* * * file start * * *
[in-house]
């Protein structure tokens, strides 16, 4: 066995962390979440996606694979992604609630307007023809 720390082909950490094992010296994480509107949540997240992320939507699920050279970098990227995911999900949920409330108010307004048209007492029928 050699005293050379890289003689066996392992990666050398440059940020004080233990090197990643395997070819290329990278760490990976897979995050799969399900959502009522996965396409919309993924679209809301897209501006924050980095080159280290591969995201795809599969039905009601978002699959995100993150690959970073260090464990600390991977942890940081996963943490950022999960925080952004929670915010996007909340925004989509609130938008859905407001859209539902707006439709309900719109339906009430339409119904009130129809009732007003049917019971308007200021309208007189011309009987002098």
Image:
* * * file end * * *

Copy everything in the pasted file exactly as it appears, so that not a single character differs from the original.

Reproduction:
[in-house]
């Protein structure tokens, strides 16, 4: 066995962390979440996606694979992604609630307007023809 720390082909950490094992010296994480509107949540997240992320939507699920050279970098990227995911999900949920409330108010307004048209007492029928 050699005293050379890289003689066996392992990666050398440059940020004080233990090197990643395997070819290329990278760490990976897979995050799969399900959502009522996965396409919309993924679209809301897209501006924050980095080159280290591969995201795809599969039905009601978002699959995100993150690959970073260090464990600390991977942890940081996963943490950022999960925080952004929670915010996007909340925004989509609130938008859905407001859209539902707006439709309900719109339906009430339409119904009130129809009732007003049917019971308007200021309208007189011309009987002098």
Image: